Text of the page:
On July 4, 2011, at the invitation of the MCC, Kumar Sangakkara, the former Captain of the Sri Lankan Cricket Team, delivered the Cowdrey Lecture at Lord’s titled “The Spirit of Sri Lanka’s Cricket – A Celebration of Our Uniqueness”.
This video is part 7 of Kumar Sangakkara’s hour-long speech. It is accompanied by its transcript.
Transcript of Kumar Sangakkara’s speech
A Sri Lankan Cricket Team Powered by Talent
But as a Sri Lankan I hope we have the strength to find the answers ourselves.
While the team structure and culture itself was slowly evolving, our on-field success was primarily driven by the sheer talent and spirit of the uniquely talented players unearthed in recent times, players like Murali, Sanath, Aravinda, Mahela and Lasith Malinga.
Although our school cricket structure is extremely strong, our club structure remains archaic. With players diluted among 20 clubs it does not enable the national coaching staff to easily identify and funnel talented players through for further development. The lack of competitiveness of the club tournament does not lend itself to producing hardened first-class professionals.
Various attempts to change this structure to condense and improve have been resisted by the administration and the clubs concerned. The main reason for this being that any elected cricket board that offended these clubs runs the risk of losing their votes come election time. At the same time, the instability of our administration is a huge stumbling block to the rapid face change that we need. Indeed, it is amazing that that despite this system we are able to produce so many world-class cricketers.
The Challenge Ahead for Sri Lankan Cricket
Nevertheless, despite abundant natural talent, we need to change our cricketing structure, we need to be more Sri Lankan rather than selfish, we need to condense our cricketing structure and ensure the that the best players are playing against each other at all times. We need to do this with an open mind, allowing both innovative thinking and free expression. In some respects we are doing that already, especially our coaching department is actively searching for unorthodox talent.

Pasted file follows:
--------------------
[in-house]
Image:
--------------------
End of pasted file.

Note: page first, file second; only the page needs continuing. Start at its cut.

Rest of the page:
We have recognised and learned that our cricket is stronger when it is free-spirited, and we, therefore, encourage players to express themselves and be open to innovation.
There was a recent case where the national coaches were tipped off. It was a case of a 6-foot tall volleyball player. He apparently when viewed by the district coach of the region ambled up to the wicket in four steps jumped four to five feet high in the air in a smash like leap and delivered the ball while in mid-air. His feet are within the two bowling creases, popping in the bowling crease, but after his delivery he lands quite away down the wicket.
Now the district coach found this very very interesting and unique. So he thought so well let’s have a trial. We’ll take the video camera along and get this volleyball player who had never bowled before for any lengthy period, to bowl for half-an-hour in the district nets. He does quite a good job, half-an-hour of jumping high and delivering a cricket ball, quite well with good direction. And the video sample he sent back to our cricket board.
The national coaches there also find it interesting … Let’s call him to Colombo for a trial. Four days later they make a call, and the volleyball player answers the phone call from a hospital bed. And when invited he said: “I am sorry. I can’t move. I have never bowled for 30 minutes, I strained my back.” So, the search for gold in that particular instance did not come to fruition.